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Eye Health in the Digital Age

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From the smartphones to the laptops that power our professional lives and the tablets and televisions that entertain us during leisure hours, digital devices are now firmly part of our daily routines. Now, the majority of our waking hours are often spent browsing on screens, leading to a phenomenon that experts have termed as Digital Eye Strain or Computer Vision Syndrome.

The screens emit high levels of blue light – a spectrum of light that, in excess, has been linked to disrupted sleep patterns, potential retinal damage and other health concerns.

Children are particularly at risk. Their developing eyes are more sensitive and with modern education increasingly pivoting towards e-learning, their exposure begins at an alarmingly young age.

This blog seeks to uncover the multifaceted relationship between our eyes and the digital screens that dominate our lives.

The Reality of Digital Eye Strain

What is Digital Eye Strain?

Digital Eye Strain (DES)  encompasses a myriad of symptoms resulting from prolonged and uninterrupted use of digital devices.


  • Dry and Irritated Eyes
  • Blurred Vision
  • Recurring Headaches
  • Neck and Shoulder Pain

A Widespread Issue:

Studies indicate that more than 60% of adults regularly experience symptoms of digital eye strain. The figures are even more concerning among the younger generation and professionals whose jobs necessitate continual screen engagement.

Underlying Causes:

  • Unsuitable Screen Brightness and Contrast: A screen too bright or too dim in comparison to the ambient light can strain the eyes.
  • Poor Posture: Slouching or sitting too close to the screen can enhance the strain.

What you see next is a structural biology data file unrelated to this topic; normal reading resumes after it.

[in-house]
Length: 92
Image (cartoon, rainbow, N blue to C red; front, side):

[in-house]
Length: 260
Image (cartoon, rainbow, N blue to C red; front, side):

• Extended Screen: The longer we look at our screens without breaks, the more we’re at risk.

Compounding Factors:

  • Existing Vision Problems: Those with undiagnosed or untreated vision problems can experience exaggerated symptoms of DES.
  • Age: The natural aging process can make individuals above the age of 40 more susceptible due to reduced flexibility of the eye’s lens.

Decoding Blue Light Exposure

Understanding the Spectrum:

Blue light, with wavelengths between 380 and 500 nm, is among the shortest, highest energy wavelengths in the visible light spectrum.

Where Does Blue Light Come From?

  • Natural Source: The primary source of blue light is sunlight.
  • Artificial Sources: Digital screens of computers, smartphones, televisions, and LED lighting are significant emitters of blue light.

Potential Impact on Health:

  • Sleep Disruption: Exposure to excessive blue light can hinder the production of melatonin, a hormone responsible for sleep, potentially leading to difficulty falling asleep and disrupted sleep cycles.
  • Eye Strain and Discomfort: The high energy and flickering of blue light can lead to fatigue and strain in the eyes.

Protective Measures:

  • Screen Filters: Various screen protectors can filter out emitted blue light, reducing direct exposure to the eyes.
  • Blue Light Glasses: Specialised eyewear is available that can help minimise blue light exposure.
  • Device Settings: Many modern gadgets come with a ‘Night Mode’ or ‘Blue Light Reduction’ feature to reduce blue light emission.

Proactive Eye Care: The Need for Regular Check-ups

Why Regular Check-ups Matter:

  • Early Detection: Regular check-ups can help identify issues in their nascent stages, ensuring timely interventions and potentially averting more severe problems down the road.
  • Evolving Prescription: For those who already wear corrective glasses ,consistent check-ups ensure that one is always using the correct power, preventing unnecessary strain.
  • Holistic Eye Health: Eye check up access the health of the entire eye, from front to back, potentially catching conditions like glaucoma and cataract.


Guarding Your Vision:  Effective Strategies

  • Break the Stare with 20-20-20: Remember to divert your gaze every 20 minutes, focusing on an object 20 feet away for 20 seconds.
  • Optimal Setup: Ensure the top of your screen is at or slightly below eye level, and utilise screen protectors to reduce glare.
  • Go Bigger on Text: Increase font size to comfortably read without squinting.
  • Blue-Light Barriers: Consider investing in blue light filtering glasses or screen overlays to reduce exposure.
  • Rising Trends: With e-learning and digital entertainment, children’s screen time has surged exponentially.
  • Parental Guidance: It’s imperative to monitor, regulate and break up children’s screen sessions to protect their vision.


Embracing the digital age doesn’t have to come at the cost of our eye health. With awareness, timely interventions and adaptive strategies, we can navigate the digital world safely, ensuring our eyes remain healthy.



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